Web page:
Nikola has always been an affectionate baby but lately he seems to have an agenda when dolling out kisses. He has learned that if he gives you a kiss and then asks or points to something, he’s more apt to get it. Whether it be a set of keys you’re fairly certain he’ll lose or if he wants you to play Baby Shark for the umteenth time. With his chubby little hands, knuckle dimples and all, he’ll grab either side of your face and pull you towards his. His mouth open as wide as a largemouth bass. And then, there it is. The kiss that makes you melt, over and over again.
He knows exactly how to manipulate your heart strings. He is smart and perfectly mischievous in the most adorable way. And it’s one of the things I love most about him.
The most masterful linguist, the most articulate wordsmith, wouldn’t be able to scratch the surface of the feeling that is loving your child. It is indescribable in every way. What it means. How it feels. It’s depth, It’s reach. It’s pull. All of it. It is entirely different from every other kind of love that exists. And I understand how incredibly lucky I am to feel it all day, every day.
“You don’t know what unconditional love is. You may say you do, but if you don’t have a child, you don’t know what that is. But when you experience it, it is the most fulfilling ever. ” – Regina King
Get out your wellies boys and girls. This one is gonna get a little deep.
I believe that most everything happens for a reason. I think that we are all heading towards a sort of incredibly vague predetermined destiny. Some people may find that comforting, others perhaps not. I’m indifferent. But it does play into this theory of mine quite nicely.
Most people have experienced Deja Vu at some point in their lives. It’s a fairly common phenomenon. But I seem to have it regularly. Maybe once or twice every couple of weeks. Only, I’m not certain that’s what I’d consider it really. When this experience occurs I dont have the feeling that I have been in that exact space before. It’s not about space for me. It is about the lighting, the smells, the sounds, the people, the entire experience in that split second. It’s not something happening “again”. Instead it’s something I had, at some point, dreamt of happening. A premonition.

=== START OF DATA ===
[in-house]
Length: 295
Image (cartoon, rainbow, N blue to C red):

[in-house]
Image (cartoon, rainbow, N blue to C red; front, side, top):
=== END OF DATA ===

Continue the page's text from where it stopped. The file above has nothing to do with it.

When these moments happen, I relish them. I close my eyes and will it to last longer. This sudden and fleeting sense is what I like to think of as a “checkpoint”. It’s a little blip in time that confirms I’ve made the right choices. I’m on the right path. That all my stars are aligning just so. And I find that astoundingly comforting.
I had a “checkpoint” moment yesterday. I had just gotten home from work. My baby was in his walker and we were in the kitchen. He and I have been in those exact spots countless times. But yesterday was different. The familiar and exciting feeling came over me like a wave. I closed my eyes for a moment. Then looked at my son and smiled. Believing that you are exactly where you’re supposed to be is one the most gratifying sensations there is.
This is our view from Nikola’s room at The Barbara Bush Children’s Hospital. Our baby was admitted this past Thursday because of a mysterious fever, rash, fussiness combo. Since becoming a mom I have googled everything under the sun related to babies, but this one was too scary. Their initial concern was Bacterial Meningitis. It takes 48 hours for the results from the spinal tap to come back. So while their concern is immediate, the results are not. It has been a long couple of days. When he was born and in the NICU things were tough. But at no point was he in pain. This time, that hasn’t been the case. So many tests, pokes, and prods. It took more than six hours for the doctors to collect all of the different fluids they’d need. Nikola cried most of that time. And so did we. The feeling you get when your child is in pain is just as indescribable as the amount of love you have for them. I had to prop myself up against a wall, the crying was uncontrollable. Hence, the crying hangover. I haven’t had one since I had to leave the hospital without him when he was born. And before that, it was my brother’s accident. They are every bit as awful as the ones induced by alcohol. Just a lot sadder.
But we got some great news a little while ago. His Doctor came in and said that everything had come back negative. They don’t know the exact cause of the fever but are considering it a viral infection most likely picked up at daycare. Effing daycare. We should be able to go home later today.
A few people have asked lately if I was still blogging. During the pregnancy I had terrible pregnancy brain, I could barely form sentences let alone put together a coherent blog post. And since giving birth, well, I’ve been a little busy.